Coming from the world’s largest manufacturer is the successor to one of the most successful smartphone lines of all time — the Galaxy S III. It is a artwork on its own, with an extremely sleek design, complemented by the now subtle yet useful touches of Touchwiz on the Android 4.0 platform. This particular unit belongs to Sprint, who’s upcoming 4G LTE network it sill support, but in the meantime uses a simpler, but usable 3G connection. Complete with the latest processor technology, screen, design, networks, and a rise of amazing apps, the Galaxy S III has what it takes.
But, now it’s time to see if the Galaxy S III has a place in Android’s great journey. Read the LaptopMemo review below.
Price as Reviewed: $199.99 on a new 2-year agreement with Sprint
The Galaxy S III is not slouch in the hardware department. Samsung has given the United States version the following specs:
- 4.8-inch AMOLED 1280 x 720 HD display with PenTile
- A 1.5GHz dual-core Snapdragon S4 processor
- An unheard of 2GB of RAM
- 16GB of internal storage
- 8 megapixel Samsung camera with an imagechip, 1080p HD video recording
- Android 4.0.4 with Touchwiz
- 4G LTE on Sprint (not online yet), 3G only (for now), Wi-Fi, Bluetooth 4.0, GPS/GLONASS, and NFC
- Weight of 4.7 ounces
- Measures just 8.6mm thin, 136.6mm × 70.6mm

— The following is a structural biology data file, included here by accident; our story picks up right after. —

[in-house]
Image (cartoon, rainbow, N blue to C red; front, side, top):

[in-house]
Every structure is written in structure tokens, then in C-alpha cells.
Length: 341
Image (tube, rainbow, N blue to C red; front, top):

- One more thing: a massive 2,100 mAh battery
It would be slightly hard for me to say that this is the most beautiful Android phone there is. What Samsung’s engineers and designers have turned into an actual product does not achieve iPhone 4S or One X looks, however the Galaxy S III is designed intelligently: it is perfect for the software it runs, is easy to hold in the hand, and incredibly, unbelievably thin. Samsung’s execs and ads like to consistently say the Galaxy S III is “designed by nature”. If that means it uses recycled materials (or fake brushed aluminum) then that’s cool with me, but from the aesthetics of the SGS III, it is a completely fresh and polished product. That being said, there is a “pebble blue” color available, as well as red exclusively for AT&T, but the most attractive Galaxy S III color strikes us as white. Also, for a phone of this size, the Galaxy S III has the best ergonomics.
And in case it crossed people’s minds: the Galaxy S III uses PenTile display technology, which is completely — wait for it — impressive. For once, PenTile display technology looks impressive, at least when Samsung uses it.
The Galaxy S III on Sprint — and all of its American counterparts — is making laps around the competition. In everyday usage (read: anecdotal testing), the Galaxy S III is the fastest Android phone I’ve ever used, and when compared to a Galaxy Nexus running on Verizon, the Galaxy S III leaves the Nexus gasping for RAM, as the American SGS III has 2GB of RAM.
However, being a math and science geek, it’s time for some benchmarking programs to put this performance in numbers:
Benchmark scores for Galaxy S III (Sprint):
- Quadrant (hardware): 4,973
- Vellamo (web performance): 2,256
This makes the Galaxy S III a force to reckon with. Kudos to Samsung: the Galaxy S III flies.
With a dual-core 1.5GHz processor and 2GB of RAM, lying quietly in the SGS III’s plastic casing, Android 4.0.4 with the latest version of Touchwiz is the fastest experience on an Android phone — which stays consistent. From Google Wallet, to unlocking the phone with motion, the S Beam NFC sharing feature, Smart Stay (which ingeniously detects usage and stays bright during web browsing sessions), and finally Pop-Up Play, which allows for simultaneous video watching and texting (among other things) is what makes using the Galaxy S III fantastic.